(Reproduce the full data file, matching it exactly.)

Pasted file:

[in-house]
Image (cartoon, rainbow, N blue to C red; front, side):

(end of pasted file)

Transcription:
[in-house]
Image (cartoon, rainbow, N blue to C red; front, side):